tension specialists, has been the most successful federal agency model in securing users' adoption of research results, although not everyone shares his viewpoint. He points out that the extension program spends about the same amount on technology transfer that is spent on agricultural research. Most federal agencies apparently spend only about 4 to 5 percent of their research funding on transfer and diffusion activities, which is nowhere near the amount spent in the agricultural extension model. Several government agencies, such as the National Cancer Institute's Community Clinical Oncology Program, have tried to copy the agricultural extension model with mixed success. It is clear that dissemination requires a commitment of resources that must be built into the mission of the agency and must be funded.

Promoters and Champions of Technology

Intelligent decision makers and promoters need to exist. It appears that few technologies are ever transferred without a person or groups of people to champion their cause, sometimes over a long period of time (see Box 8-1). This person may be a technology transfer officer, the developer(s), or some other interested party. It is clear that considerable effort and perseverance are needed by this advocate if the technology transfer is to come about. The supporter often is someone who has a vision of what the technology can become. In this respect, champions for technology transfers are like good scientists; they have intuition concerning what technologies should be pushed for transfer and what should be left alone. They may have administrative acumen, and good administrators may know how to cut through red tape and bureaucratic delay. Few experts on technology transfer exist, however, and the field is not systematized. Market research can help, but it is not a complete answer. Consumers do not always know what they need or what they would purchase. Marketing managers in companies regularly launch new products, some of which have gone through extensive marketing surveys, but according to Rogers (1983, p. 74), only 1 of every 540 ideas results in a successful product and only 8 percent of the approximately 6,000 new consumer items introduced each year have a life expectancy of 1 year or longer.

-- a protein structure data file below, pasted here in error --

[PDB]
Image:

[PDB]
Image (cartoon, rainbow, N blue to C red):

Although intelligence and experience are needed in the technology transfer process, they do not ensure success. Even products or ideas that are clearly superior to those that already exist are not always successful. For example, from an ergonomic viewpoint, the Dvorak keyboard for typewriters and computers is clearly advantageous over the commonly used QWERTY arrangement. Nevertheless, even though a conversion would be technically very simple today



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